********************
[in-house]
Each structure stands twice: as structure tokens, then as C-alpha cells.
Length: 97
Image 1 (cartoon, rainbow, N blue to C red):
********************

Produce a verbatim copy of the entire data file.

[in-house]
Each structure stands twice: as structure tokens, then as C-alpha cells.
Length: 97
Image 1 (cartoon, rainbow, N blue to C red):